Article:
Sports

DNR announces Lake Michigan stocking increase

The Department of Natural Resources (DNR) has announced a plan to increase stocking in Indiana’s Lake Michigan waters. 

 

The new, interim plan comes in response to a recent Lake Michigan Committee (LMC) recommendation to increase lakewide stocking levels.

 

“Lakewide data indicates the predator-prey balance in the lake has improved,” says Jeremy Price, DNR fisheries supervisor and Indiana’s LMC representative, “and the size of the salmon out there certainly supports it.”

 

Beginning in 2020, Indiana’s stocking quota will increase by nearly 87,000 Chinook Salmon equivalents. Chinook Salmon equivalents are conversions fishery managers use to evaluate impacts of different salmonid species on prey fish populations. 

 

The new stocking quota adds back about half of the cuts made in 2017, when DNR managers reduced Chinook Salmon and eliminated lake trout stockings from Indiana waters.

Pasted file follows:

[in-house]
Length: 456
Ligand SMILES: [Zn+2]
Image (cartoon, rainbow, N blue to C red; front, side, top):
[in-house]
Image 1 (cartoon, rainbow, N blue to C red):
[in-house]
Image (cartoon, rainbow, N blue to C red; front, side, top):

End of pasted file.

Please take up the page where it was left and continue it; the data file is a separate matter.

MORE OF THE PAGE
DNR plans to increase chinook stocking by 150,000 fish in 2020, a move made possible through the increase in stocking quota and additional reductions to stockings of steelhead and Coho Salmon.

Fall fingerling Skamania Steelhead will be discontinued on the Little Calumet River and substantial cuts to fall fingerling Coho stockings will be replaced with fewer, but larger, spring Coho yearlings. Similar changes on the St. Joseph River enacted in 2015 have proven extremely successful at increasing salmon returns.

 

“The new plan gets us back to stocking chinooks annually at all three of our ports,” says Ben Dickinson, DNR biologist for Lake Michigan. “When we cut Chinook stocking in 2017, we promised our anglers that we’d try our best to get back to three ports annually. Today we are pleased to deliver on that promise.”

 

While some hatchery logistics still need to be resolved, the plan is mostly set for 2020. Price and Dickinson intend to take input from anglers on the plan through one or more public meetings this winter.

 

“We think most anglers will really like this strategy,” Price says, “but we want to give folks an opportunity to tell us what they think before making this the stocking plan for 2021 and beyond.”

 

Learn about Lake Michigan fishing at wildlife.IN.gov/3625.htm.

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